17/10/2014 - 05:06

Smith still a player

17/10/2014 - 05:06


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Despite ruling out a run at state politics, Stephen Smith has been vocal about WA’s role in Asia of late.

Smith still a player
Former foreign affairs minister Stephen Smith largely steered clear of the Kevin Rudd-Julia Gillard imbroglio.

Former Labor foreign affairs minister Stephen Smith is maintaining a high profile since retiring from federal politics, recently attacking the state government's decision to close its trade and investment office in Jakarta.

He described the move as "inexplicable".

Mr Smith urged the government to reassess its priorities, calling for resources at the agent general's office in London to be scaled back in order to keep the Indonesian office open.

He said the closure decision coincided with the point in the cycle when a direct Western Australian presence was required in Jakarta to position the state's trade, industry and commercial investment interests in Indonesia "for the enormous opportunities of the future".

Mr Smith's views were included in his wide-ranging 2014 Reid Oration at the University of Western Australia, which honours the late governor and academic, Gordon Reid.

Although he retired at the last federal election after a 20-year career as MHR for Perth, Mr Smith has remained in the public eye with comments on both government and Labor Party issues. This has led to speculation the 58 year old has not ruled out extending his political career by adding a stint in state politics, despite having previously thrown cold water on the possibility.

Mr Smith, who also served as defence minister, said Indonesia – which would have a population of between 350 million and 400 million by 2050 – was vital to Australia's, and especially WA's, economic future.

"This is all part of the international trade and investment engagement skills that our state now needs to take to a higher level," he said.

"And we must get our locations for the future right. Our state Singapore office is widely recognised as working well. Western Australia suffers now from the lack of a representative office in Kuala Lumpur, at the same time as Victoria's presence in KL is very successful.

"Resource constraints are always issues for government, so invariably priorities count. For the long term ... a better allocation of resources would be a full-time presence in India rather than a substantial ongoing presence in London, where the need for government assistance and advice to nurture Australian businesses is substantially less by a considerable margin."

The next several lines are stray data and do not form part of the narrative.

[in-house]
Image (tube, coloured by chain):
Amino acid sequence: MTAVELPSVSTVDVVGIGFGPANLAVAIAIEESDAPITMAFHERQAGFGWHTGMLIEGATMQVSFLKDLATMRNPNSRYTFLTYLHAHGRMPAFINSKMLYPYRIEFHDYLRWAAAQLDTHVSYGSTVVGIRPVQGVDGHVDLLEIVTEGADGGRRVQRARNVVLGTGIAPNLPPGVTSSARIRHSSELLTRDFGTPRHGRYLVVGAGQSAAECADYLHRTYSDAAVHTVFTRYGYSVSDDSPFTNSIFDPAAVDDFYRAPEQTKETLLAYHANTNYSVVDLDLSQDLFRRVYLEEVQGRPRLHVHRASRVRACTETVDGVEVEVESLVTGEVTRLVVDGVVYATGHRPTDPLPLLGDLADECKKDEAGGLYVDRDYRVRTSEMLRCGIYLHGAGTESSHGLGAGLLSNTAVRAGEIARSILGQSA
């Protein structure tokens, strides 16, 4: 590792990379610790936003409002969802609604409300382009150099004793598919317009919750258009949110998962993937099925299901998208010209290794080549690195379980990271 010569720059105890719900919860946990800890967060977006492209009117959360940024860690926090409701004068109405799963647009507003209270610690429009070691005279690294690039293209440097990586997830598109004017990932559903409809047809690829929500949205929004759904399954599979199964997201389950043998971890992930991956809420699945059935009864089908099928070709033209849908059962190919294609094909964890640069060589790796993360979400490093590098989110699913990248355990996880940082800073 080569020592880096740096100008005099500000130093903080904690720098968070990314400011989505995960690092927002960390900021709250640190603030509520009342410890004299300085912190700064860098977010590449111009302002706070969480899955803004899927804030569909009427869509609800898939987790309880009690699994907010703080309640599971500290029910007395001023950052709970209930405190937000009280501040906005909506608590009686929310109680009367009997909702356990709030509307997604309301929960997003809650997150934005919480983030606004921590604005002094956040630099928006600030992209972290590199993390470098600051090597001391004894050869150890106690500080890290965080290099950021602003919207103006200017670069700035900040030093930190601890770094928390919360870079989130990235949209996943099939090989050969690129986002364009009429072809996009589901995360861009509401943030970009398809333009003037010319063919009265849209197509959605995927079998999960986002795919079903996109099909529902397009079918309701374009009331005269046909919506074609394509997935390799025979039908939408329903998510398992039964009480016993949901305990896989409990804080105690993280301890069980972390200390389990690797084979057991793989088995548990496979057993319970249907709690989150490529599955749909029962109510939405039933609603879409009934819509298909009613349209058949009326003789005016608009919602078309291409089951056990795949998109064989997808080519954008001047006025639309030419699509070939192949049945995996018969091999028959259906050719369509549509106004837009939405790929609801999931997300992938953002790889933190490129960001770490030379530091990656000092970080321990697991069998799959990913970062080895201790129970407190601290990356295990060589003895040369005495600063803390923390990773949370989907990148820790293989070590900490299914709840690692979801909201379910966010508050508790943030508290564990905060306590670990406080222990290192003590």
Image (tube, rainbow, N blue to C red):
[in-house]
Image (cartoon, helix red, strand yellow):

Mr Smith, who is the third longest serving federal Labor MP (20 years) from WA – only Kim Beazley senior (32 years) and junior (27 years) have served longer – said education, tourism, agriculture and public administration were all areas in which closer ties could be developed with Asia, adding there was significant potential in irrigated agriculture.

The former member for Perth, who has avoided getting caught in the Kevin Rudd-Julia Gillard crossfire in recent months, told a testimonial dinner attended by 250 guests that he harboured one great regret in politics. He pointed to the party "losing its nerve in 2006-7" and dumping Kim Beazley as leader, replacing him with what proved to be the fractious Rudd-Gillard leadership team.

He said that, after the 2007 election, "Kim Beazley would have been leader and we would have had a mainstream Labor government as a consequence".

Mr Smith did not take a high profile in the poisonous Rudd-Gillard conflict, although it has been reported he was not a supporter of Mr Rudd being dumped in 2010. But his comments with regard to Mr Beazley indicate he believes that government under the current ambassador to the US would have been far more effective.

Failed federal leadership contender Anthony Albanese, who was guest speaker at the function, said he would have backed Mr Smith as Labor leader if he had stayed in politics.

GST reform creep

It's a tortuous process, but it seems Western Australia's case for a better financial deal for the redistribution of revenue generated by the GST is gaining ground.

The twisted logic of piling on lead weights in WA's productive saddle bags, and redistributing revenue to less enterprising states – and then expressing concern about sluggish national economic growth – seems to be slowly getting exposed.

Mike Nahan, who has slipped seamlessly into the treasurer's role this year, and Premier Colin Barnett should take much of the credit. But so too should former state treasurer and Pearce MHR Christian Porter and Liberal Senator Dean Smith, for pursuing the issue, at last, in Canberra.

Mr Porter and Senator Smith are part of a new wave of younger, switched-on politicians who want to do more than warm a seat in the national capital and ask 'how high?' when prime minister Tony Abbott and Treasurer Joe Hockey say 'jump', if they don't think it is in WA's best interests.

The GST reforms may not come in time to save Mr Barnett from his bullish promise in 2009 to never preside over a deficit state budget, but there are signs that the GST wheel is slowly starting to turn. And that is in the national interest, as well as that of WA.


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